After they were found, the boys were treated at a hospital and placed with CPS while the agency seeks emergency custody of them.

At the hospital, doctors discovered fractures in the 7-year-old face and said two of the three boys were malnourished. Meanwhile, the medical examiner’s office said the deceased child suffered multiple blunt force injuries and ruled his death a homicide.

Police located the mother, 35-year-old Gloria Williams, and her boyfriend, 31-year-old Brian Coulter, on Sunday. They were interviewed and initially released without charges.

ABC13 reported that the teen texted his mother, who lived just 15 minutes, before calling the police.

On Tuesday, the couple was finally arrested while allegedly reading articles about themselves at a library. Williams, faces multiple charges, including injury to a child by omission and tampering with evidence involving a human corpse.

Meanwhile, Coulter was charged with murder over the death of the child, though both he and Williams are expected to face more charges as investigators continue to unpack the details of this case.

See what others are saying: (The Houston Chronicle) (The Daily Beast) (The Washington Post)

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Man Spent COVID Relief Loan on $58,000 Pokemon Card, Feds Say

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The man is facing a wire fraud charge, which carries a max sentence of up to 20 years in federal prison, along with a $250,000 fine.


COVID Relief Funds Used on Pokemon Card

Authorities have accused a man in Georgia of misusing COVID-19 relief funds, claiming that he spent $57,789 on a single Pokemon card.

Prosecutors said Vinath Oudomsine made false statements about the gross revenue his business earns and the number of workers he employs when he applied for aid authorized under the CARES Act.

On his July 2020 application, Oudomsine allegedly claimed he had 10 employees and 12-month gross revenues of $235,000.

The following month, he was given about $85,000 from the Small Business Administration (SBA), which means he spent nearly all of the money on the rare card.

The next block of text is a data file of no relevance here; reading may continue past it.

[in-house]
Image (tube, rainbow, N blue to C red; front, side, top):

Authorities have given few details about the specific card purchased, though they have said Oudomsine was charged with wire fraud and is expected to appear in court on Thursday.

The charge carries a max sentence of up to 20 years in federal prison, along with a $250,000 fine.

Misuse of COVID Relief Funds

Oudomsine is far from the first person to face charges for fraud related to small business loans issued amid the pandemic. Others who received relief funds have been accused of spending the money on Lamborghinis, nights at strip clubs, and even an alpaca farm, among other purchases.

In fact, the first person to be charged with fraudulently seeking a pandemic relief loan was recently sentenced to 56 months in prison following a nationwide search after the man faked his own death.

According to The Washington Post, a federal watchdog said this month that the SBA overpaid $4.5 billion in grants to self-employed people and that “no system of controls was in place to flag applications with flawed or illogical information.”

On top of that, the SBA inspector general determined earlier this year that the agency rushed to send out billions of dollars in loans through the Paycheck Protection Program (PPP) “at the expense of controls” that could have blocked inappropriate aid.